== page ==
• iaindryden1

An omen.

My feet were whipped from under me, my body swung out and I flew, landing three metres downhill with a thump which generated a loud involuntary expelling of air that sounded like a death moan. If you believe in omens, and might wonder what that's got to do with a book manuscript, read on.

Well, this happened yesterday, not long after I'd handed my latest book to a small publisher who I'd first met on the 20th April when I approached him with Camino Voices. He liked the book but said the market was too niche to consider. A little deflated, on the spare of the moment I told him about another concept and a week thence, liking the rough outline of a manuscript on de-stressin., he commissioned me. In a single month I transformed my original 2004 concept, researching, writing and illustrating a 60 page book and yesterday the man was happy and said the book will be out in October.

To celebrate, I walked up Glastonbury Tor, arriving at the top exhausted, with my heart pumping. A couple of daft hippies had luged a sofa up the steep incline and were sat like kings. Delighted, I looked across Somerset to the distant ridge upon which we live and ate a sandwich.

Soon rain attacked from the east and I headed down hill. Not really thinking, exhausted from the exercise but still elated, at the steepest point I stepped off the concrete steps which were hurting my knees. Having fallen, I skidded down the wet grass at speed, grasping the turf with my fingers. Eventually, I stopped and lay out of breath, rain falling on my face and I scolded myself for having forgotten a simple mountaineering fact - that wet grass is as slippery as ice.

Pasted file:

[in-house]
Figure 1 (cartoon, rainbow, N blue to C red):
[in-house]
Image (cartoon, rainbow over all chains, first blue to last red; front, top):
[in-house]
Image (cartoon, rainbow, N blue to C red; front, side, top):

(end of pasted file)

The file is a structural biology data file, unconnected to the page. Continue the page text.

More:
Sore, but unbelievably able to rise, I was glad. I've always fallen without tensing up, be it on a ski slope, off a speeding bike or a galloping horse. Consequently, I've never broken bones. Stiff with pain, I made my way cautiously towards the welcome concrete path where I discovered my crutch's strong elbow-support had snapped, proving the power of my fall.

A young woman in her twenties who had witnessed this dangerous accident, ignored me, stepping quickly up hill, but a young family asked if I was OK. Realising I was going in the wrong direction, disoriented, I headed the other way, eventually arriving at my car, happy to be OK and to have another book on its way. Now that, in my mind, is a good omen, but then I always find the positive.

24 views0 comments

Recent Posts

See All

He was adamant. “Anything goes, the Planet is suffering, look at ALL the climate disasters!” I had to think for a second, “Yes, action is needed, but to stop ambulances speeding to hospital is to targ

My hair was getting in my eyes, so a visit to the snipper was due. This little town has become the capital of haircutters, so I strolled along the old street, avoiding the temptation of the coffee sh

“Boris is the man!” He said as he leaned against the old stone pillar. “Yup, Boris has charisma,” she smiled with fondness, “something none of the others have.” “But Boris has no moral principle othe